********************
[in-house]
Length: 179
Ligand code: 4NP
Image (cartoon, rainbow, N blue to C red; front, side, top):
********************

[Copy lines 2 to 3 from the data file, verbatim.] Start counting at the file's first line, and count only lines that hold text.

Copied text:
Length: 179
Ligand code: 4NP